Take war or sports as an example. The objective there is to understand what the opponent wants and then deliver the exact opposite.
At the core, marketing is a challenge of distribution. The name of the game is getting attention — and within reason, the quantity of the attention is less important than the cause of it. Obviously, a brand shouldn’t be overtly horrible, but a well-executed stunt is often the best option. Recall Robert Greene’s 48 Laws of Power:
“Law #6: Court attention at all costs.”
Not only are stunts cheaper to execute than traditional press releases or advertising, but they’re more fun. They give a brand a chance to make a statement and show a little personality. So in addition to the new eyeballs you draw in, you’re strengthening your position in the existing audience’s mind.
In our case, we wanted to show our fans that we’re real people — silly, sly, and a little irreverent.
Analog Watch Co.’s brand identity is “inspired by nature.” We use natural materials like wood and marble in our designs. The joke for this stunt is that we’d be using live animals “to remind the wearer of the beauty of nature” — intending to elevate the natural world while unwittingly killing and commodifying it.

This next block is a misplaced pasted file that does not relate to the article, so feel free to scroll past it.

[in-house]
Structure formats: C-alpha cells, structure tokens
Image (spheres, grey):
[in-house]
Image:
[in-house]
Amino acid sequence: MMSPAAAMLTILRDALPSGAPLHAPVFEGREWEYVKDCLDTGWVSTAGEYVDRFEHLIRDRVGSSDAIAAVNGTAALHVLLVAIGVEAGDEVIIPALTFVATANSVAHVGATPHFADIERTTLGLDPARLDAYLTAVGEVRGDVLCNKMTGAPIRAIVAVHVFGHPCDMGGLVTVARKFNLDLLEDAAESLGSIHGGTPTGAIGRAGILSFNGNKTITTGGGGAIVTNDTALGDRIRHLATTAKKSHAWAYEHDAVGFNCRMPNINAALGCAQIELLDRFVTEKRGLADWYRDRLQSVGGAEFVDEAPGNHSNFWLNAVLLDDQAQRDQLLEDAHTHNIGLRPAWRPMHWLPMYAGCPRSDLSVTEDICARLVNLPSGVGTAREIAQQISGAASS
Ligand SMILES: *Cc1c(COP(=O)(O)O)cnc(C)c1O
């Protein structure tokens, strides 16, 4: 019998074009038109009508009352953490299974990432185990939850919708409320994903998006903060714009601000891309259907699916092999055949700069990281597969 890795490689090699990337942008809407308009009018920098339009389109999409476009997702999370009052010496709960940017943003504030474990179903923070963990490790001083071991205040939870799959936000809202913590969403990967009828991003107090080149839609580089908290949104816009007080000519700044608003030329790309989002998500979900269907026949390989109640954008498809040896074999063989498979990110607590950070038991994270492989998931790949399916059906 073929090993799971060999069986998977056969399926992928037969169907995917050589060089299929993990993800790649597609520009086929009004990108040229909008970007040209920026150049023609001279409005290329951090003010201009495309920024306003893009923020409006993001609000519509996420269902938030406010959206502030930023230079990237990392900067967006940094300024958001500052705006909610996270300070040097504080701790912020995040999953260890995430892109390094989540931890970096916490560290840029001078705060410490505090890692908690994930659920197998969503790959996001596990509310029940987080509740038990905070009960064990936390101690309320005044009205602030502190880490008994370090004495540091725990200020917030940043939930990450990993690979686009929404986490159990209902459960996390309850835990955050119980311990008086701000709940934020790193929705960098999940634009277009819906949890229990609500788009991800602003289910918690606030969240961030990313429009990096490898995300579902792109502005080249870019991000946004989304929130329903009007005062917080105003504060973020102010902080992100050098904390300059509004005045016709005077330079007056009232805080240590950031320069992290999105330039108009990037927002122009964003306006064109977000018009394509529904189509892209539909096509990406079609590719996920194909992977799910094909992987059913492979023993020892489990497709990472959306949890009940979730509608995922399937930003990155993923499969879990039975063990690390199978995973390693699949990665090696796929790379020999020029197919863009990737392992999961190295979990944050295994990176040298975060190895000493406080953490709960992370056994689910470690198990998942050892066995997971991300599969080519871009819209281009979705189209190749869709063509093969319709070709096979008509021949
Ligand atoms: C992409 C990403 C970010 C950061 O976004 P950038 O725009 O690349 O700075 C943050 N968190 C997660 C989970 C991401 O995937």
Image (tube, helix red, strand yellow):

The Fake Product
Inspired by those iconic green ant farms, we need to turn this concept into a mock-up that we could promote. There are a few reasons why this would never work as a real product, but we expected that people wouldn’t think too hard about it.
The “product” was made by spray painting one of our real watches. We bought life ants from AntsAlive.com. For the voiceover narration, we hired a guy with an English accent from Fiverr to give it a sort of poor-man’s David Attenbourough vibe. This was the majestic result:
The page on our website had a major clue that this was all a prank: We were not actively taking payments — the only way visitors could order was by signing up for an email list. We promised to notify them when orders opened on April 1, 2015.
Our business has meaningful press connections with relevant local blogs, communities of watch enthusiasts, and design taste-makers, so the obvious move would be to comb through our Rolodex and pitch the hell out of all the relevant contacts.
But we knew while this might get us some traction, we needed something else to truly amplify our message and create a more remarkable spectacle.
People onlineIf people online are good at one thing, it’s getting pissed off about the cause-du-jour.
Emotions run high online. It seems that everything that spreads is
We had to piss some people off.